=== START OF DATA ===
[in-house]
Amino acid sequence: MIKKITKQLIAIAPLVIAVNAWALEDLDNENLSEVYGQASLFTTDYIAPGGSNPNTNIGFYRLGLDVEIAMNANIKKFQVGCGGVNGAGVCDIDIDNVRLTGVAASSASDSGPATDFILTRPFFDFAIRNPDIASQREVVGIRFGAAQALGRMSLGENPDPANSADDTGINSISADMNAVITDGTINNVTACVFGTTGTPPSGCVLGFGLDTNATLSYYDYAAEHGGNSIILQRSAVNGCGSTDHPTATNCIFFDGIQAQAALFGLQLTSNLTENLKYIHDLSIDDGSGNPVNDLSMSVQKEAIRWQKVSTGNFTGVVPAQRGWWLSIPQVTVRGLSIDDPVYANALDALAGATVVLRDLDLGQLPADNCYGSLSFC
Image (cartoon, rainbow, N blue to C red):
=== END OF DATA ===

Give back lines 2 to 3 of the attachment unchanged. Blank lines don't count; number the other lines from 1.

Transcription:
Amino acid sequence: MIKKITKQLIAIAPLVIAVNAWALEDLDNENLSEVYGQASLFTTDYIAPGGSNPNTNIGFYRLGLDVEIAMNANIKKFQVGCGGVNGAGVCDIDIDNVRLTGVAASSASDSGPATDFILTRPFFDFAIRNPDIASQREVVGIRFGAAQALGRMSLGENPDPANSADDTGINSISADMNAVITDGTINNVTACVFGTTGTPPSGCVLGFGLDTNATLSYYDYAAEHGGNSIILQRSAVNGCGSTDHPTATNCIFFDGIQAQAALFGLQLTSNLTENLKYIHDLSIDDGSGNPVNDLSMSVQKEAIRWQKVSTGNFTGVVPAQRGWWLSIPQVTVRGLSIDDPVYANALDALAGATVVLRDLDLGQLPADNCYGSLSFC
Image (cartoon, rainbow, N blue to C red):